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Thursday, May 12, 2011

Ten Killed As Earthquake Hits Spanish Town

A rare earthquake has rocked the ancient town of Lorca in southeastern Spain causing homes to collapse, damaging historic churches and killing at least 10 people.

The 5.2 magnitude earthquake sent tremors through the popular tourist region of Murcia.
Part of the front of a badly damaged church in the small town collapsed hours after the quake, narrowly missing a television journalist reporting live from the scene.
"The population is scared and are very afraid to return to their homes," Rafael Gonzalez Tovar, from the central government in Murcia Rafael, said.
""There are thousands of very disorientated people. There are thousands of very disorientated people."
Television images showed shaken families and children gathering in a square in the town, seeking safety from collapsed buildings. Masonry and rubble were strewn across the streets.
"We were just sat here and everything began to move, pictures fell from the wall, the TV fell and (the quake) went on for ages. We looked out of the window and there were a lot of people running, an ambulance and the police," one woman told national radio.
The earthquake struck at 6:47 pm local time, according to Spain's National Geographical Institute data.

View Lorca, Spain in a larger map
British ex pat Martin Sayer told: "I felt a bit of a rumble at about 3pm then about two hours later there was a much bigger one.
"My house is about 9km away from Lorca and the house shook."
He added that the quake occurred during siesta time, and that the effects could have been much worse had the streets been busier.
Another ex pat, Michael Harris, who lives around 35 miles from the epicentre, said: "There was a rumbling like a train was going underneath us and we did not realise what it was at first.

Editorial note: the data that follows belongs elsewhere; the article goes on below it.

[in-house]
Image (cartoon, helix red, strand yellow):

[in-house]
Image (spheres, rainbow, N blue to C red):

"We thought it might have been caused by the air force who were doing trials flying past."
A resident walks past a cracked wall of a building in Lorca, after a rare earthquake rocked the town in southeastern Spain causing houses to collapse, damaging historic churches and public buildings and killing at least eight people, early May 12, 2011.
Many buildings have been damaged and some have collapsed
He added that by the second quake he was cleaning his swimming pool - and that the force of the quake caused the water to splash out.
The US Geological Survey (USGS) said the epicentre was about half a mile below ground.
A milder quake of 4.5 magnitude had hit the town, which is dependent on farming, shortly beforehand.
The last fatal earthquake to hit Spain was in 1997, when one person was killed, according to the USGS.
People wait to return to their homes after spending the night in the open following a rare earthquake that rocked the town of Lorca in southeastern Spain May 12, 2011.
Many residents had to sleep outside after their homes were damaged
Deputy Prime Minister Alfredo Perez Rubalcaba is to visit the town later to examine the damage.
The government mobilised a military task force of 200 servicemen and women to help secure the area, where an estimated 10,000 people have been affected by the quake.
Lorca, which has a population of about 90,000 people, dates back to the Bronze Age and probably gained its name from the Romans. The old part of the town is made up of a network of narrow alleyways.
Lorca is built in the shadow of a fortress. Its many architectural features include a Roman military column, the Church of San Francisco and medieval walls and gates of San Antonio.


  1. thats terrible, such a bad year so far. disaster wise

  2. All these earthquakes are becoming way more common than before... damn you Mother Nature. :(

  3. Continuous disasters almost on a weekly basis now. Could this be the 2012 prophecy beginning :O

  4. My heart goes out to them, we're not having a great year :(

  5. Sorry for the loss, earthquakes and other disasters are getting more and more common. It's worrying.


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